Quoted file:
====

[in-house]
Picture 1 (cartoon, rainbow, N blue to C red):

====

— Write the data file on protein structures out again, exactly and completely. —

[in-house]
Picture 1 (cartoon, rainbow, N blue to C red):